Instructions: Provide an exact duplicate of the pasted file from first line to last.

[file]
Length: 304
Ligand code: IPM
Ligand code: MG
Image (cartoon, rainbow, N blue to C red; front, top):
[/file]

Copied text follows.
Length: 304
Ligand code: IPM
Ligand code: MG
Image (cartoon, rainbow, N blue to C red; front, top):